Does money get in the way of our happiness?
To someone with little more is better, and throughout history most people have had little compared to the abundance we enjoy. We all have lived in a fossil-fuel engorged lifestyle for longer than anyone alive can remember, we live in a level of comfort that our ancestors could not have imagined, yet we always desire more.
Our cars are oversized, our debts are oversized, and even many of us are oversized, yet we keep on thinking that more is better. The entire religion of economics is devoted to this belief. A rapidly escalating economy is called “robust,” not “out of control,” and as it slows down it is called “ailing,” not “stabilizing.”
But beyond a certain point, more just means more of what we already have too much of. That goes for eating, drinking, or just about anything. A growing body of data shows that once a person’s basic needs are met, money no longer does anything to make them happier. Yet everyone, whether they make 20,000 dollars a year or 200,000 dollars a year, seems to think that they would be happy if only they made perhaps ten percent more.
However, even as people’s houses get larger and our possessions multiply, people’s happiness has been going down. Some sociologists have suggested that discontent is related to economic growth, as our new wealth is used to build homes further away from each other, as it is used to buy more electronic devices that occupy our time but offer only short-term pleasure, and as it is used to spend more time commuting and less time with loved ones, we get more lonely and more discontented. Do the experiment yourself. Would you rather have a new, bigger television, or a new friend?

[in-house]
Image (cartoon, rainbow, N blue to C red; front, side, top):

In an article titled, “Money giveth, money taketh away: The dual effect of wealth on happiness”, in the journal titled Psychological Science, Dr. Elizabeth Dunn talked about how she found that people are not happier when they have more income, but when they give more away. Those who responded as happiest to survey questions turned out to also be the ones who gave most to charity.
Most interestingly, this runs counter to what we all have been taught; when Dunn asked the subjects of her experiment what made them happy, almost all said they’d be happier spending money on themselves.
Perhaps the lesson in that is that by and large, we are capable of being better people than we now realize as being possible.